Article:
The Pisgah Center for Wildlife Education in Pisgah National Forest is free and open year round, and offers indoor and outdoor educational exhibits that focus on the natural world of a mountain cove forest. Visitors can learn about local wildlife and the unique natural habitats in western North Carolina’s mountain region.
At the Center, the natural history of the mountains and how the N.C. Wildlife Resources Commission works to conserve wildlife diversity is illustrated in an award-winning film. The Center also includes an exhibit hall, allowing visitors a close-up view of a variety of mountain wildlife species, including fish, reptiles and amphibians.
Adjacent to the Center is the Bobby N. Setzer State Fish Hatchery. Dropping a coin in the fish food dispensers at the hatchery provides excitement for children of all ages and the thousands of trout in the state’s most well-known hatchery.
In the late 1950s, the hatchery was built by the U.S. Fish and Wildlife Service and was operated as a national fish hatchery for more than 20 years. Since 1983, the N.C. Wildlife Resources Commission has operated and maintained the hatchery for trout production and distribution.
At the hatchery, visitors may watch and feed the brook, brown and rainbow trout that are raised and then placed in local hatchery-supported streams and rivers. The Center has an interpretive trail through a mountain cove forest habitat, which is easily accessible. The Center is also a great starting point for several hiking trails, including a trip up John Rock, which has fantastic views.
To get to the Pisgah Center for Wildlife Education and the hatchery, travel five miles from the national forest’s entrance in Brevard and then take a left on FR 475 for 1.5 miles. The center is open from 8 a.m. to 4:45 p.m., Monday to Saturday, from April to November, and Monday to Friday, December to March. For more information, call (828) 877-4423 or go to www.ncwildlife.org.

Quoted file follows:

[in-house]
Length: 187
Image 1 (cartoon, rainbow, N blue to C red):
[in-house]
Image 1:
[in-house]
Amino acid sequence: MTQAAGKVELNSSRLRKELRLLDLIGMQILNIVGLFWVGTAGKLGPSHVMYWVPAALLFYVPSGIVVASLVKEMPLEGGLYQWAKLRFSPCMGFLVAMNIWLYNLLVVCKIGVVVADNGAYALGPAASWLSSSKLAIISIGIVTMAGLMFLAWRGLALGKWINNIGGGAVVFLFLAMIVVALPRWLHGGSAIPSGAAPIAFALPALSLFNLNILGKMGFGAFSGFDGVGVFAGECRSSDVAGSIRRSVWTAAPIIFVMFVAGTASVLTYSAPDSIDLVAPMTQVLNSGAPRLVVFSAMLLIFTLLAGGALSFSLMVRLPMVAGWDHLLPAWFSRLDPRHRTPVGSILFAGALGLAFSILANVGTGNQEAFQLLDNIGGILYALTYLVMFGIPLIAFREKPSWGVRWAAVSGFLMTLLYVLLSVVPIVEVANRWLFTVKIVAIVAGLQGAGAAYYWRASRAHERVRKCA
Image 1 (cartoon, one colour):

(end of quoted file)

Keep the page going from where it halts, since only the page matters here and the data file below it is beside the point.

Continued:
Throughout the summer, the Pisgah Wildlife Education Center (PWEC) provides free programs on a wide variety of subjects, including fly-fishing, hiking, nature photography and general wildlife education. One group of programs is called Eco Explorers engages youth ages 8-13 in wildlife conservation. E
ach month, Eco Explorers focuses on a different topic. A few examples are elk, turkey, hellbenders and just about every other critter that calls the North Carolina mountains home. Additionally, some of the topics are skill based such as fly tying, fly fishing, bird watching and orienteering.
All programs require pre-registration and are free of charge. Each program lasts around two hours. Folks are also able to call and set up their own program topic if they have a group of 10 or more children. Information about the different programs can be found in the Transylvania Explorer calendar or online at www.ncwildlife.org/Learning/EducationCenters/Pisgah/EventRegistration.aspx.